Philanthropy News Digest
May 23, 2016

Funders' reluctance to fully fund overhead costs prevents many nonprofits from maximizing their impact, a report from the Bridgespan Group finds.

According to the report, Pay-What-It-Takes Philanthropy, the typical 15 percent cap on reimbursement for nonprofit overhead falls short, in many cases, of the actual indirect costs associated with the delivery of a service or services. In response to the finding, the report, which appears in the Stanford Social Innovation Review, urges grantmakers to re-think the 15 percent cap on nonprofit overhead reimbursement and calls for an approach that takes into account the actual costs associated with providing a given type of service, or what it calls "pay what it takes" philanthropy.

Friday, May 20, 2016

Elsevier’s Purchase of Social-Sciences Hub May Signal a Strategy Shift


The Chronicle of Higher Education
Jeffrey R. Young
May 20, 2016

The publishing giant Elsevier announced this week that it had bought the Social Science Research Network, an online community where scholars in the humanities and social sciences freely share preprints of their academic work. You may have heard about this on social media, where much of the reaction was fierce and frustrated.

As George Siemens, a prominent innovator in education, put it on Twitter: "Weird. Kinda like 'Satan buys the Vatican.'"


 

Academic Publishing: Toward a New Model


The Chronicle of Higher Education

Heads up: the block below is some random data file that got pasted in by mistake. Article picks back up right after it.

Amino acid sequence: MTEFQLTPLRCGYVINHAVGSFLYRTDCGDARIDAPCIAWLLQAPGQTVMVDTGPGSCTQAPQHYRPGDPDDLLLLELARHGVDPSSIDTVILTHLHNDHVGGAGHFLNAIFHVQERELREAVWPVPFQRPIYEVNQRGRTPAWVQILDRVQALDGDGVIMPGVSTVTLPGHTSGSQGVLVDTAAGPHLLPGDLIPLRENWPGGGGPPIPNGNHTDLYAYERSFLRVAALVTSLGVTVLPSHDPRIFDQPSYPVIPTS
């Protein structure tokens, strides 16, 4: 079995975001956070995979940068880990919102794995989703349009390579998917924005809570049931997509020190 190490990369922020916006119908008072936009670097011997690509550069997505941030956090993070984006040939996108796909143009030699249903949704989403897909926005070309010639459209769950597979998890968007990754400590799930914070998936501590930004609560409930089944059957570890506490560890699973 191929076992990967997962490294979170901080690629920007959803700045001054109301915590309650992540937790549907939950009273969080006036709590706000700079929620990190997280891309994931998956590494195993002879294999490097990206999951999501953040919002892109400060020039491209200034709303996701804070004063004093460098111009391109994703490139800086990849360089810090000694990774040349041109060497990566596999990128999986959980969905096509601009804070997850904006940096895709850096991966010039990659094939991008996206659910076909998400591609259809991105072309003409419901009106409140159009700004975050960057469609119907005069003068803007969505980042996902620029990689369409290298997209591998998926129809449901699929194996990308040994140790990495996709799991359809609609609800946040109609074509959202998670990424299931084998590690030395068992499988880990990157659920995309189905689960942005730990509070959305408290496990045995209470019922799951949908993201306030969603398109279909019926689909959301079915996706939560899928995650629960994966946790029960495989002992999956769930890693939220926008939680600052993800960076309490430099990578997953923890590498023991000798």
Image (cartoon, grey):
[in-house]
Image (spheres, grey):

Michael Satlow
May 18, 2016

The web, we all thought, was going to transform academic publishing. At the very least, it would make research far more accessible, lowering the cost and expanding the reach of publications. At most, it would fundamentally alter the nature of research itself, making it far more collaborative. In either case, though, academic publishing as we knew it was doomed.

Now, a decade later, as the web has fundamentally transformed so many areas of our lives, academic publishing is one area upon which its impact has been only modest at best. There are, it is true, a few open-access journals and many academics maintain blogs, but contrary to expectations, journal costs have soared and our writings remain perhaps less accessible, locked behind paywalls while libraries forgo buying print versions. While it is not difficult to understand why this has happened, a solution to it has been elusive.

Thursday, May 5, 2016

China Passes Law Tightening Control Over Foreign NGOs


Philanthropy News Digest
April 29, 2016

China's national legislature has passed a law that tightens controls over foreign nongovernmental organizations, a move critics say will have a detrimental impact on civil society in the country, the Associated Press and Wall Street Journal report.

In its third and final version, the law states that foreign NGOs must not endanger China's national security and ethnic unity and leaves unchanged the controversial provision putting the Ministry of Public Security in charge of the registration process for overseas nonprofits. The law grants police the power to question administrators, search residences and facilities, seize files and equipment, and blacklist "unwelcome" groups and prevent them from operating in the country if they commit violations, including "spreading rumors, slandering, or otherwise expressing or disseminating harmful information that endangers state security."